Warmer and longer days stir the sap to run through the creekside sycamores and cause leaves to unfurl. The blood in the birds is quickening, too, and the excitement of spring reveals itself in song and showy colors. The miracle of migration is now in full swing: One moment, the wintering white-crowned sparrows are singing their cheerful, breezy song, and then suddenly they have been supplanted by improbably brilliant hooded orioles.
Migration has always fascinated — and confused — humans, perhaps because of the suddenness of departures and arrivals. It has only been in the past hundred years or so that we have begun to understand the mechanisms of migration.
Theories have abounded throughout the centuries about birds’ movements. Aristotle thought that swallows and other summer visitors hibernated — that they flew into tree crevices to spend winter in dormancy. He also surmised that some species changed into others — in the autumn, European redstarts changed into European robins for the duration of the winter. Others theorized that swallows dived to the bottom of ponds to spend the winter hibernating in the mud. Perhaps one of the most outlandish ideas, but one that held currency for some time, was that birds flew to the moon. You can see how this idea perhaps came to be: On autumn nights, it is possible to see birds ghosting across the face of the moon.
Late March through late April is a special time in the birder’s calendar, for the birds arriving from Mexico and farther south are met by our winter visitors, the latter waiting for the right time to fly north. Some birds, such as the rufous hummingbird, will not stop for long, refueling for a day or two before continuing northward. Perhaps the showiest of all our summer residents is the male hooded oriole. If you have palm trees in your neighborhood, you probably have orioles because they favor constructing their hanging nests on the undersides of palm fronds. The females poke holes in the fronds and sew the nest with plant fibers.
The female hooded oriole is yellow and green and blends in well with her surroundings. It’s the male that is the showstopper. He is black above and on the throat, but his head and underparts are a brilliant yellow. Even with his bright colors, the male can be difficult to locate, for orioles are shy birds. Knowing the song — a scratchy chatter interspersed with sweeter notes — or especially the call notes, can help you home in on the bird. One typical call is a sweet upward inflected “wheep” that carries over long distances. It is often the first clue that hooded orioles have returned to your neighborhood.
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Many of our summer birds tend to congregate along creeks. Warbling vireos are already here and singing their lovely songs, while the unobtrusive Pacific-slope flycatcher marks his territory with a simple, repetitive song. Black-headed grosbeaks have robin-like warbles, while yellow warblers sing with sweet, clear notes.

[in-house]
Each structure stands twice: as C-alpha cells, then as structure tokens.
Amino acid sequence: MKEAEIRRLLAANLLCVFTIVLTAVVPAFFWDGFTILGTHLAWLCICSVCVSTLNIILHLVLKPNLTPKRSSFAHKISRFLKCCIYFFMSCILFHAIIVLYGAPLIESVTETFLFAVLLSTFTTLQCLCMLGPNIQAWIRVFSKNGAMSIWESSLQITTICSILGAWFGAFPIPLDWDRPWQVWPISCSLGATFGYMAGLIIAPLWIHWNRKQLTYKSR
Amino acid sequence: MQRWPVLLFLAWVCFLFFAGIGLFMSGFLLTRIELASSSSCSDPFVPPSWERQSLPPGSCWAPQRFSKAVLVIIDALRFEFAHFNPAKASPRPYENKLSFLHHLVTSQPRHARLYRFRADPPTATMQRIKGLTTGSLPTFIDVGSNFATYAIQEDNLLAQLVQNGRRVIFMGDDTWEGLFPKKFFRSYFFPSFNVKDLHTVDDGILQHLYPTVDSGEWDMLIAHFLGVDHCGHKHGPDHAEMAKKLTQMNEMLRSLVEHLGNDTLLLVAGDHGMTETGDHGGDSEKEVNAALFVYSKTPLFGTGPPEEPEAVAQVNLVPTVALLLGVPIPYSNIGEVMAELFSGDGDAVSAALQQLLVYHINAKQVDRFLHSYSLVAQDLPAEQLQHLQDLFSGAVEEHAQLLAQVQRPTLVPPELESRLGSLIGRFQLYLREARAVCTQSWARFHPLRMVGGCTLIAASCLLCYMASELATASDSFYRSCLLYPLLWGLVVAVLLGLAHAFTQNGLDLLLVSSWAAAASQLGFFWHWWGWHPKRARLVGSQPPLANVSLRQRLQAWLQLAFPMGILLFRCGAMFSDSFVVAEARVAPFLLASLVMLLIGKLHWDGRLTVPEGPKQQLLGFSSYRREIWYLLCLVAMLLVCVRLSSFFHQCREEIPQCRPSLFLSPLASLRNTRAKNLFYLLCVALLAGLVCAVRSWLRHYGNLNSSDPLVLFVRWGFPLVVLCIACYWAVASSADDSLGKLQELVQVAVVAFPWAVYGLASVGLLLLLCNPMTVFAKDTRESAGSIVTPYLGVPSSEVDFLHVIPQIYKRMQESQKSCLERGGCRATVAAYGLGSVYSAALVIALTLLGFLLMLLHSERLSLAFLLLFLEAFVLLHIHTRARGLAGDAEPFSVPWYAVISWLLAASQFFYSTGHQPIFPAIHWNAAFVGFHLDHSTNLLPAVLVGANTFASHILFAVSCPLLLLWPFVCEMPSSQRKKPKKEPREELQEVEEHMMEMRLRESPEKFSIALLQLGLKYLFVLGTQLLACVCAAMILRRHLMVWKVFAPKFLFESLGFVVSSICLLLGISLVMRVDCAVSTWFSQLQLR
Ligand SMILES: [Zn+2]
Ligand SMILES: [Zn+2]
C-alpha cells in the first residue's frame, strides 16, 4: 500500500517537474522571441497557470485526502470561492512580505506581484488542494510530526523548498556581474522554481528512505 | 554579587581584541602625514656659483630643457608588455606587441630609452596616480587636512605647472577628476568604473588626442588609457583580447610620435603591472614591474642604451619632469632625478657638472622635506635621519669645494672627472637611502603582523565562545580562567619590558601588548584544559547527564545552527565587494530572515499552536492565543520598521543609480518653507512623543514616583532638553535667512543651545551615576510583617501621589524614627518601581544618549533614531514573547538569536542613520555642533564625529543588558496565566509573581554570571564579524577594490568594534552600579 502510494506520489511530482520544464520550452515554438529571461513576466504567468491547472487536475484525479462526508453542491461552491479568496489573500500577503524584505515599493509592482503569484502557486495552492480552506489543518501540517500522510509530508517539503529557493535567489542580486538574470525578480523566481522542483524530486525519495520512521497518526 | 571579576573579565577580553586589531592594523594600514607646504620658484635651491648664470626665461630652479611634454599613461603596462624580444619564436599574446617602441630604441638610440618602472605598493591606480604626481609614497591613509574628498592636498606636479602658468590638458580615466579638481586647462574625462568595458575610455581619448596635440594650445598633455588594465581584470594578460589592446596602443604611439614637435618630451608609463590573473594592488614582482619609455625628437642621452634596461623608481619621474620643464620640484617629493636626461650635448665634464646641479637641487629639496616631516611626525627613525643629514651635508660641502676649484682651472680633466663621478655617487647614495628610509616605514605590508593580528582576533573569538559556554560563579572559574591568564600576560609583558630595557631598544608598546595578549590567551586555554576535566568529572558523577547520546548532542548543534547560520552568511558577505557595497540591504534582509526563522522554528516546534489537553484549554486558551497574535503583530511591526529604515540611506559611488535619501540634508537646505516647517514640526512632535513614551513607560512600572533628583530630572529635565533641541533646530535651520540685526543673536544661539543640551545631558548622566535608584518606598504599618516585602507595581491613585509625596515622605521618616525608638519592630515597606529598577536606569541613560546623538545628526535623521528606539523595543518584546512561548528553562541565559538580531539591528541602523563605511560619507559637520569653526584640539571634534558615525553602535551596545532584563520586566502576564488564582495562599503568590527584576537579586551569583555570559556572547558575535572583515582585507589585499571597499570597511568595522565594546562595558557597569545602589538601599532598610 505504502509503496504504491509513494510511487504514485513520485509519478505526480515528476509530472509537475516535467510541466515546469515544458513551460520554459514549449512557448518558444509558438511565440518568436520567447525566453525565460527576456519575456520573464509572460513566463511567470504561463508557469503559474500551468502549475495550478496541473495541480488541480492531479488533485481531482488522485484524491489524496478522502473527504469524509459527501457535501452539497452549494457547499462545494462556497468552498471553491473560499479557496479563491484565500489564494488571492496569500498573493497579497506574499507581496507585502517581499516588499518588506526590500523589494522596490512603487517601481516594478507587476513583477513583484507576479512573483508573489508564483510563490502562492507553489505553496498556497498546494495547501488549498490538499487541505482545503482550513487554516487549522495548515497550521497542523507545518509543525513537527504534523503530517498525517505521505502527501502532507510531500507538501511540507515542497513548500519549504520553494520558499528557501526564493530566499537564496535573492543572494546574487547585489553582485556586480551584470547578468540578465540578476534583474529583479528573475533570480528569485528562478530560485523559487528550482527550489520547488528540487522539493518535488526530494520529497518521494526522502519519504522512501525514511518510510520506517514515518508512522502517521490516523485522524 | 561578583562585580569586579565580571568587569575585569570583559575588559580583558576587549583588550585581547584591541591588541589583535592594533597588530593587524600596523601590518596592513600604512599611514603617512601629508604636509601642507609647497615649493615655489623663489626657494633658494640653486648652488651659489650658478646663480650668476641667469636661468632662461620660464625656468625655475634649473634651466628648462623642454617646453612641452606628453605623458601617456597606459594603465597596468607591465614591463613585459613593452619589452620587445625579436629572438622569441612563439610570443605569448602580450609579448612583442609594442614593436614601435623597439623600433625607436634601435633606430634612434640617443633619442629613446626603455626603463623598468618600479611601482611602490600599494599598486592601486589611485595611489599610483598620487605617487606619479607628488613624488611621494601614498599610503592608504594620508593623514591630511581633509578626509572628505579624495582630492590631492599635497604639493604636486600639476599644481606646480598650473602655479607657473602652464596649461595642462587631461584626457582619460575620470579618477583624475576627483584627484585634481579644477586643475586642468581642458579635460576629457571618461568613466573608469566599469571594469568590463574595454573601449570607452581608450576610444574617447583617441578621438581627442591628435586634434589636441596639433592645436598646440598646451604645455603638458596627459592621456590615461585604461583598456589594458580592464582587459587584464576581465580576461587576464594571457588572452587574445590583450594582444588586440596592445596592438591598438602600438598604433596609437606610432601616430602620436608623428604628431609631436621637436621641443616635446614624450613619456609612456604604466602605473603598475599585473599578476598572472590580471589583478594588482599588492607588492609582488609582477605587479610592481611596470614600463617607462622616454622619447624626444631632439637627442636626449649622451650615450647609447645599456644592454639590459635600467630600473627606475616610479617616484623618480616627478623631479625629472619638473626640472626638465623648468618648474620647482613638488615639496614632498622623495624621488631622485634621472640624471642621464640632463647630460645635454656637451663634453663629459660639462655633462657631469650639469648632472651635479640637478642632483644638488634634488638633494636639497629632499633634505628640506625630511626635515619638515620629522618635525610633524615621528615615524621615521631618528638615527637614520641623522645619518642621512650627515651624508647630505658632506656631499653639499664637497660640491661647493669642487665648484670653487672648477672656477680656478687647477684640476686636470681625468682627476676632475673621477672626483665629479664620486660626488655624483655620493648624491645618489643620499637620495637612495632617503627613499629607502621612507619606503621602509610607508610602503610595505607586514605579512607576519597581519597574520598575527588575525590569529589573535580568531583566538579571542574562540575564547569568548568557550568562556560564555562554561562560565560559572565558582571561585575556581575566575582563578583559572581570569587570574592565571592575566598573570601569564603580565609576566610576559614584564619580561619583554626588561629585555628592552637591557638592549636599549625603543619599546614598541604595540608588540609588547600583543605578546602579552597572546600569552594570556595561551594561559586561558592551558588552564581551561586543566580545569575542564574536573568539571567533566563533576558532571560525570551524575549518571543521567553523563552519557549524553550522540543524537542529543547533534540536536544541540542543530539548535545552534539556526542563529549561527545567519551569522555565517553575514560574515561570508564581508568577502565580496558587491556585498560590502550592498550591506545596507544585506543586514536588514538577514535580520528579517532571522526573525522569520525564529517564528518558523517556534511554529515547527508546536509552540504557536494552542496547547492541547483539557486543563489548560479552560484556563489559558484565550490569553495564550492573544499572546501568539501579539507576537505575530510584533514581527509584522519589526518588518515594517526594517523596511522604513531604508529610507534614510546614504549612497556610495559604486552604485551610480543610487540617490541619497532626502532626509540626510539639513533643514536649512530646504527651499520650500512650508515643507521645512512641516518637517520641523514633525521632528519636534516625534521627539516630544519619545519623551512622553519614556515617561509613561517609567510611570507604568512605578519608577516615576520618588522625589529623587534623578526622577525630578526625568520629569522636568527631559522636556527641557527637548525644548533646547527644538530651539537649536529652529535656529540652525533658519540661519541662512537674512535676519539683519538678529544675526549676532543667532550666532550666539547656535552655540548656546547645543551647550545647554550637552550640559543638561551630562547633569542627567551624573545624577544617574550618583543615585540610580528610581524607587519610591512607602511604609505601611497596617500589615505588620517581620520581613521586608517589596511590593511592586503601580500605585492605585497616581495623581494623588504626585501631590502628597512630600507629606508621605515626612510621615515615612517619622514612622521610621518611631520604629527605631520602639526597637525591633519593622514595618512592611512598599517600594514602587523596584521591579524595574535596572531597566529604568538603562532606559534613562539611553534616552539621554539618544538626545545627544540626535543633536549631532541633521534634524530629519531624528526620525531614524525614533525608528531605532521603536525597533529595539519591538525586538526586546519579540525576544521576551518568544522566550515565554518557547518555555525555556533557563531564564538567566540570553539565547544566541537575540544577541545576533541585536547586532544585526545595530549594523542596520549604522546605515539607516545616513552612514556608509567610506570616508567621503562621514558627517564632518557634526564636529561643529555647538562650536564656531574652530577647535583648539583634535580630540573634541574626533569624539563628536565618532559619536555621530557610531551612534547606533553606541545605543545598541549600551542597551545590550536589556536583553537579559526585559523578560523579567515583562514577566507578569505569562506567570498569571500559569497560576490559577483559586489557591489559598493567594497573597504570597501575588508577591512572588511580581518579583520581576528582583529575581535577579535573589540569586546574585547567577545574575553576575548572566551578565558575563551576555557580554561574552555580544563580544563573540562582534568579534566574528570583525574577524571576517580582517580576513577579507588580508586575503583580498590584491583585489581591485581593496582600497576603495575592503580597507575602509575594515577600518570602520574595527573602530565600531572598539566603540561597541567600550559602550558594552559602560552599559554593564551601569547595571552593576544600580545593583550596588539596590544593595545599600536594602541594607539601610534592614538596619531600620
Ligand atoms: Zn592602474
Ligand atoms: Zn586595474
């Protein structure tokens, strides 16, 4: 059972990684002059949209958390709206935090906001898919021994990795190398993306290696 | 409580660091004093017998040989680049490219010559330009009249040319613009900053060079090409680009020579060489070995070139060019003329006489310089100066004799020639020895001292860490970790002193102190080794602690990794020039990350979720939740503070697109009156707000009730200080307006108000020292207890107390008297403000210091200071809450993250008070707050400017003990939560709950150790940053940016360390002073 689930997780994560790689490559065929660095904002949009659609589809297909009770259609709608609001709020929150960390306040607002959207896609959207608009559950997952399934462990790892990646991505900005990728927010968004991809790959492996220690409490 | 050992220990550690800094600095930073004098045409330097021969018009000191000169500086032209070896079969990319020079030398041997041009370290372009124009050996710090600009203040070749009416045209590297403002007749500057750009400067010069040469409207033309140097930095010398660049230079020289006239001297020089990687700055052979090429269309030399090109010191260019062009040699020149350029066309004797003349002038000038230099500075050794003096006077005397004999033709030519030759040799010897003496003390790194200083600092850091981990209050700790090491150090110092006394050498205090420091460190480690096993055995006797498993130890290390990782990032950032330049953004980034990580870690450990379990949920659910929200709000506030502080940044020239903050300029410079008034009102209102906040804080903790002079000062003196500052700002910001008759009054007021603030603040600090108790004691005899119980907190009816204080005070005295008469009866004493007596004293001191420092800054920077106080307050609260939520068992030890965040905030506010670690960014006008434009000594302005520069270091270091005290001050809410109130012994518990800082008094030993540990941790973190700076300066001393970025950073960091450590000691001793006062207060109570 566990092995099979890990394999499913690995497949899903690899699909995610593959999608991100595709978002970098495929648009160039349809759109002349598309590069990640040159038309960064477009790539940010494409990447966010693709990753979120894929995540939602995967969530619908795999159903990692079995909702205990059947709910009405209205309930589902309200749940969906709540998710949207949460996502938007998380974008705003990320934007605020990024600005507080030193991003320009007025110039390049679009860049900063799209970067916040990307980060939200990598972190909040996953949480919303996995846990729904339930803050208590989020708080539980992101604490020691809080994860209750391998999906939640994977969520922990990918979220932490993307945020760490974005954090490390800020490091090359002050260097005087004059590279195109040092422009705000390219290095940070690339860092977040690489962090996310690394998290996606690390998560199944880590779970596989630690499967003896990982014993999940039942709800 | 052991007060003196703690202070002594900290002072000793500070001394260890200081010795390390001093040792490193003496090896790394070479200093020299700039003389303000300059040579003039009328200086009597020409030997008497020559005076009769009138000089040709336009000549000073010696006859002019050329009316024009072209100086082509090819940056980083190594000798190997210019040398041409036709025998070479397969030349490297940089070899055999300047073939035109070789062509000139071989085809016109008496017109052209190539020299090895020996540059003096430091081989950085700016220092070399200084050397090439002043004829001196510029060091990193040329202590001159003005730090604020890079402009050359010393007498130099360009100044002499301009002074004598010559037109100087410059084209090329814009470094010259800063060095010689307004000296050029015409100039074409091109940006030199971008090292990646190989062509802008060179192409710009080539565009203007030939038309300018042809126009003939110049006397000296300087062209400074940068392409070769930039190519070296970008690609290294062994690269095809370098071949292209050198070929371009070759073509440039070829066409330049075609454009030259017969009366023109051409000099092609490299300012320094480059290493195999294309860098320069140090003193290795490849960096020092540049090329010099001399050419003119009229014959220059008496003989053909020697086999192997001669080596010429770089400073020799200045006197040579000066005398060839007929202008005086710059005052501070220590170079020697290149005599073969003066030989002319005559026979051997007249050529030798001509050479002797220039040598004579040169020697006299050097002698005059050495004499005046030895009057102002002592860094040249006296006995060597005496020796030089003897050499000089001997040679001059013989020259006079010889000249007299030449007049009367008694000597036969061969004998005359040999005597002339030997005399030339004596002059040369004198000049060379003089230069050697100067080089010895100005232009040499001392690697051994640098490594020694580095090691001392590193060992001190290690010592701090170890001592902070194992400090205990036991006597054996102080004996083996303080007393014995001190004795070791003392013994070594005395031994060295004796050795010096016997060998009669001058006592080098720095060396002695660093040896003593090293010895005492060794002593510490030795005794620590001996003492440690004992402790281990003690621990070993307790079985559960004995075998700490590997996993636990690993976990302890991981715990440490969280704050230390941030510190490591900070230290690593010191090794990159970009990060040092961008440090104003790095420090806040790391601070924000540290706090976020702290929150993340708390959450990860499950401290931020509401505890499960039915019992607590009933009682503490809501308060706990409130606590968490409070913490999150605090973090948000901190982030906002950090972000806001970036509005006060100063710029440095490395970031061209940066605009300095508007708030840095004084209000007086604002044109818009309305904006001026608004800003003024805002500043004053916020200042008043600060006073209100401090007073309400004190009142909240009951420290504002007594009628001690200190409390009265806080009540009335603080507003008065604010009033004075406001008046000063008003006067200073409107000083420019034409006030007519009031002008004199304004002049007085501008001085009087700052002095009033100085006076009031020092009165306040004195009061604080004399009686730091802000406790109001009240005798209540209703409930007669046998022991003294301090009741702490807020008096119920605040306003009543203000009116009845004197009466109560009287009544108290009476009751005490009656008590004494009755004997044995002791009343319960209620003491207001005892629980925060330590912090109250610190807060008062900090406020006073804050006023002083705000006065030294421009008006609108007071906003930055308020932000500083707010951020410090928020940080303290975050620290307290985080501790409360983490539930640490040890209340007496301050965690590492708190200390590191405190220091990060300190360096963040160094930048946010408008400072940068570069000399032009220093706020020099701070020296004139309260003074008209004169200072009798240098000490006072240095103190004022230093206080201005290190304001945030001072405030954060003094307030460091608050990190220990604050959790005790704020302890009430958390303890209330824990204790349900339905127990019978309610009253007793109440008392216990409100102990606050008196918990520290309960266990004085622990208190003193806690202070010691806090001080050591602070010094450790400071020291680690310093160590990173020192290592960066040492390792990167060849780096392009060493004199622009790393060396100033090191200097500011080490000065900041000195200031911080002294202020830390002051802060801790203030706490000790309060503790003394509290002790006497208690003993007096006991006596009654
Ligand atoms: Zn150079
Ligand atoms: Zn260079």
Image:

Rubbing shoulders with these new arrivals are the birds readying themselves for departure. This is the only time of year when the hooded oriole’s chatter will mingle with the breezy whistles of the white-crowned sparrows. These sparrows sing throughout the winter, but it is only in spring when mornings are alive with their songs. As April stretches on, you notice there are fewer and fewer in song, until one morning, they have gone.
Night’s lurking dangers must surely hold terrors for roosting birds, but the urge to migrate overcomes these fears, and into the night they must fly. In recent years, the understanding of the mechanics of migration has become clearer. Birds use many clues in order to navigate the huge distances many of them traverse. They include the position of the sun, the patterns of the stars, the smells of familiar places, and the magnetic field of the earth. It’s this last mechanism that has generated some of the most fascinating research in recent years.
It appears that birds are able to “see” the earth’s magnetic field lines. It all has to do with quantum spin dynamics with radical pairs forming in the retinas of birds as they migrate — to understand how this works is beyond the scope of this article (and my understanding!). This mechanism allows birds to fly thousands of miles through the night to find the same tree that they nested in the previous summer. For juveniles, their first journey south is one fraught with danger, and indeed, only 30 percent survive to make it to their ancestral wintering grounds. For those that successfully complete the journey, however, the correct route is ingrained in their memory.
There is still much to be discovered about the mechanisms behind the migrations of birds. But for most of us, it’s enough to marvel at this extraordinary event that is as old as time. And, of course, that first dazzling hooded oriole of the spring.